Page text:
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The Continuing Impact of Wayfair 2022: Construction Industry

05/10/2022 Robin Teeters

Numerous articles about South Dakota vs. Wayfair, Inc., commonly referred to as ‘the Wayfair case, have been published since the case was decided in June of 2018. The application of that decision is well underway. Most states now have their procedures in place to make compliance easier and, as expected, we are seeing increased audit activity.

All states that have sales and/or use tax have now passed nexus standards for remote sellers with all but one has passed the expected date of tax collection. The good news for construction contractors is that even more suppliers should soon be collecting tax; therefore, the burden of self-assessing use tax should be reduced.  The less than good news is that the type of contract in place, separated (time and material, cost plus, etc.) or lump sum, and the detail in each contract’s statement of work and tax clause, are now more important than ever to avoid unnecessary audit assessments.


Although there is no state level sales tax in Alaska, there are municipal level taxes, and more municipalities are joining the centralized collection effort called the Alaska Remote Seller Sales Tax Commission. Keep in mind, if your company is sending any prefabricated material into Alaska, the exact ship to address is important to avoid any unnecessary tax.


After many failed legislative attempts, Florida finally has an economic nexus standard in place. That law was effective as of July 1, 2021, and required remote sellers to collect and remit sales and use tax if in the previous calendar year, beginning with 2020, they have taxable remote sales in which the sum of the sales price exceeds $100,000. The expected date to begin tax collection was October 1, 2021, so construction contractors may have seen a change on supplier’s invoices on or around that time. The most important note regarding Florida, though, is that their exemption certificates are issued annually so, if a contractor is required to collect and remit, they will need to get into the habit of asking customers for new certificates each December.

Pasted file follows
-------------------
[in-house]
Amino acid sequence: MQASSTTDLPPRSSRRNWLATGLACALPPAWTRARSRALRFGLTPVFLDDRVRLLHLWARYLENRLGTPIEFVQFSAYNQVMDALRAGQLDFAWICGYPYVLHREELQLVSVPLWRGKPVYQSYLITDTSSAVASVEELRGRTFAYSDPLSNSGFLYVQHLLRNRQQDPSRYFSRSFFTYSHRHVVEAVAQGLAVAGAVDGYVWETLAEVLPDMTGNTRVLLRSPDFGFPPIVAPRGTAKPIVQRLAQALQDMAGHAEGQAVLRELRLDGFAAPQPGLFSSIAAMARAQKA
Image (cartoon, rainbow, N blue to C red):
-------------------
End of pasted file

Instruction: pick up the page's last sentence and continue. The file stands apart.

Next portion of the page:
The economic nexus standard in Kansas was initially vetoed but the House and Senate overrode the governor’s veto and put the standard in place, effective July 1, 2021. Remote sellers are required to collect and remit tax if, in the current or immediately preceding calendar year, they have more than $100, 000 of cumulative gross receipts from sales to Kansas customers. There is still some lack of clarity on the exact definition of “gross receipts,” so please check in with us at VonLehman for the latest on that definition before opening an account.


Last but not to be overlooked is Missouri, whose economic nexus standard is not effective until January 1, 2023. A remote seller is required to collect Missouri tax if they have taxable sales of $100,000 or more to the state in the previous twelve months. Keep this in mind if your company is considering bidding on contracts in Missouri or shipping prefabricated materials to Missouri this year.

Audit Activity

We are seeing increased audit activity from Illinois, Indiana, Ohio, and Kentucky at this time. Illinois is obviously looking for those that began collecting later than the effective date of their economic nexus law or have not yet begun to collect. All states are being less patient about the timing of beginning audit field work, so be prepared with real facts about your business to help you to negotiate a more convenient date if an audit letter arrives in the mail. Also, it is a good time to check that any exemption certificates you need, or that you owe to others, are requested or provided.

Kentucky recently passed legislation that included a tax amnesty program to run from October 1, 2022, to November 29, 2022, that will apply to sales and use tax, and several other taxes, for the periods beginning on or after October 1, 2011, but prior to December 1, 2021.  Please also note, the amnesty period may be pushed into 2023 if resources are not available to administer the program. Regardless of when the amnesty period is, the taxpayer would also benefit from the potential waiver of penalty and 50% of interest to be paid on the past due tax, making this a great time to clean up any past liability in Kentucky.

Ohio has also been considering offering an amnesty program. Nothing is firm at this time.

For any questions related to the sales taxes and nexus standards discussed in this article, please contact VonLehman’s State and Local Tax Expert, Robin Teeters, at rteeters@vlcpa.com or 800.887.0437.

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